Linking verbs definition

A linking verb functions as a connection between a subject and the rest of the sentence. Rather than serving to show action themselves, they “link” the subject by connecting it to further information, usually an adjective, noun, or pronoun that describes it. In other words, linking verbs re-identify or to describe the subject, linking it to a subject complement.

To help you understand, consider the following examples:

  • Farah looks beautiful in that dress. 

✏️ Here, “Farah” is the subject, “looks” represents the linking verb, and “beautiful (in that dress)” is the subject complement.

  • The cat is hungry.

✏️ Here, “cat” is the subject, “is” represents the linking verb, and “hungry” is an adjective.

These verbs are not used to express an action but rather a condition or state of being. The most common linking verb is to be. However, here are many others, including all verbs related to the senses. These include is, am, are, was, were, be, been, being, seems, becomes, feels, and appears. 

Here are some examples of helping verbs in sentences: 

  • My sister went to the Caribbean last year on vacation.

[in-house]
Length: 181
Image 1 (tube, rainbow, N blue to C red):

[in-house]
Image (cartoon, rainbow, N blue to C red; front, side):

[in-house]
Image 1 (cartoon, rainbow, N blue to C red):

• Angela felt very tired after a long day at work.
  • Mohammed appears upset about the outcome of the football match. 
  • She became suspicious when she noticed the lights were off. 
  • I feel happy after spending time with my grandmother.
  • He is fond of Japanese food. 
  • The teacher seemed impressed by Rajeev’s poem recital.
  • The cake she made tastes heavenly.
  • They were ready to go on vacation after the long winter stuck indoors.

How to identify a linking verb

Sometimes it may be difficult to tell if a verb is a linking verb. However, you can always try replacing the verb with a form of “to be” as a simple test. You will know it is a linking verb if the sentence still makes sense and has almost the same meaning. 

Consider the following examples:

  • Elizabeth feels tired./ Elizabeth is tired.

✏️ These two sentences have the same meaning, so you know “feels” is a linking verb.

  • Manchester United appears to be the winner of the football match./ Manchester United is the winner of the football match.

✏️ These two sentences have the same meaning, so you know “appears” is a linking verb. 

List of common linking verbs:

Linking VerbLinking VerbLinking VerbLinking Verb
actactedamappear
appeared to beareare beingbe
becamebecomecan become
could becould have comediddo
doesfallfeelfell
feltgetgogot
grewgrowhadhad become
had beenhad seemedhashas appeared
has becomehas beenhas seemedhave
have appearedhave becomehave beenhave seemed
indicateisis beingis getting
keeplooklookedmay be
might bemight have beenmustprove
remainremainedseemseemed
seemingseemsshall beshall have been
should beshould have appearedshould have beensmell
soundstaystayedtaste
tastedturnwaswas being
waxwaxedwentwere
will bewill becomewill have becomewill have been
Linking Verbs With Examples
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